C: Carroll - Casey
Wrestling Heritage A-Z
A man of an earlier age. Jack Carroll was an 11 stone wrestler from Hindley, Wigan in Lancashire. He came from a famous wrestling family, being the nephew of Joe Caroll, a 19th century world champion. Ron Historyo uncovered grandfather Joe in an exhibition match with world champion Tom Connors in December, 1892.
Jack was a pioneer from the early 20th century century, and in 1908 was wrestling alongside his famous uncle and was known as “Young Whistler.” Around the same time Jack was appearing at the Alhambra Theatre in London, with many of his matches reported in the national press.
Being born in Wigan Jack, like his grandfather, was well schooled in Lancashire Catch-as-Catch-Can style. There are reports of Jack wrestling Austria’s Henry Irslinger, India's Buttan Singh American Wayne Ketoen of America in the 1920s at Wigan's Central Park.
In December, 1931, newspapers reported that Jack had returned from a tour of the United States and was now taking part in All-In wrestling contests. We have reports of a match in November, 1931, when Jack drew with the veteran German lightweight Peter Gotz. Another report tells of Jack retiring injured against the great Harold Angus.
In a 1947 article, “The British Heavyweight Champion” Charles Mascall records that Peter Gotz and Jack Carroll were responsible for instructing Bert Assirati in the tricks of the professional game.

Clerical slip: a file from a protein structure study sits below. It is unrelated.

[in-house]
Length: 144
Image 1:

For all his wrestling credentials it appears that Jack was not averse to profiting from the less seemly aspects of All-In wrestling, with a report of Jack taking on lady wrestler Miss England, and losing for attempting to choke her.
Read our extended tribute: Jack Carroll
Irishman who turned from boxing to a 1960s life as a professional wrestler, often tagging with fellow Irishman, Pat Kloke, as The Emeralds. We confess to having no first hand experience of this villain and fall back on a 1962 report from the Norwood News to create the image: "None performed better than crew-cropped villain Ron Carrol who extracted enough hisses and boos to satisfy any Victorian melodrama with an exhibition of all the wrestling moves that are not in the book." Nonetheless he got his come-uppance when opponent Basil Coulolias got his fifth round submission."
Hailing from Batley, Yorkshire, Norman Carter was a rugged 1950s heavyweight with epic battles against the Pyes, Dennis Mitchell, Mike Delaney and Cyril Morris. His career spanned twenty years and he went on to train Dave Bryson
Popular 1970s wrestler working mainly in south Wales and southern England for the independent promoters, often seen tagging with his brother, Mel.
Popular 1970s wrestler working mainly in south Wales and southern England for the independent promoters, often seen tagging with his brother, Francis.
Jon Casanova (Johnny Halsop)